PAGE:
Private firms lure UK troops in Iraq

British soldiers in Iraq have been lured into leaving the army by the high pay of private security companies, a British newspaper says.

    Scores of troops leaving the British Army are from the SAS

    UK newspaper The Daily Telegraph said on Monday that scores of the soldiers jumping to the private sector were members of the elite Special Air Service.

    The daily said some 120 members of the SAS and its naval equivalent, the Special Boat Service (SBS), had left the forces to join private security outfits including Kroll, Controlled Risks and Armour Security.

    According to the paper, the SAS command recently wrote to the 300 members of the force on the front lines in Iraq telling them "it would be in everyone's best interests" if they remained in the British Army.

    A former SAS member, writing anonymously in The Guardian newspaper, said it was possible to earn about £14,000 ($26,500) a month working with private enterprises in Iraq compared with the army pay of £2,000 a month.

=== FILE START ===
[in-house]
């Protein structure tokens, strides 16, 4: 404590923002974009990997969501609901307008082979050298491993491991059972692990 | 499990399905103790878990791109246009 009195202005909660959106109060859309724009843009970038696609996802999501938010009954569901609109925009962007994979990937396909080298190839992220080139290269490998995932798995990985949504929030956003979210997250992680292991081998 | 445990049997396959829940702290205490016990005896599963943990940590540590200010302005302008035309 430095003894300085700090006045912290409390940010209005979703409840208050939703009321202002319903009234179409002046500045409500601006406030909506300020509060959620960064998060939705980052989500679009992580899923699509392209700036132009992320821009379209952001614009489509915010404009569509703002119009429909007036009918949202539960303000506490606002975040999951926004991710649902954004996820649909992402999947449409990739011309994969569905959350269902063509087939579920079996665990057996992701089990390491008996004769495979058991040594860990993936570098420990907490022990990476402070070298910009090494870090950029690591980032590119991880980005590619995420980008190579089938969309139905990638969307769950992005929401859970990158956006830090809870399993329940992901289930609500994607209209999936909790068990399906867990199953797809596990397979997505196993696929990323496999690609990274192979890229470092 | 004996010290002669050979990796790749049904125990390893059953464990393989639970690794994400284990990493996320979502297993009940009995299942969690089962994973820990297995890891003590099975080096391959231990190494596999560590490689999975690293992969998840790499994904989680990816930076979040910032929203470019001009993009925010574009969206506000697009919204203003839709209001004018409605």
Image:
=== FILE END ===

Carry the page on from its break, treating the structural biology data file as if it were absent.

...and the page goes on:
SOURCE: Agencies


    Interactive: Coding like a girl

    Interactive: Coding like a girl

    What obstacles do young women in technology have to overcome to achieve their dreams? Play this retro game to find out.

    Heron Gate mass eviction: 'We never expected this in Canada'

    Hundreds face mass eviction in Canada's capital

    About 150 homes in one of Ottawa's most diverse and affordable communities are expected to be torn down in coming months

    I remember the day … I designed the Nigerian flag

    I remember the day … I designed the Nigerian flag

    In 1959, a year before Nigeria's independence, a 23-year-old student helped colour the country's identity.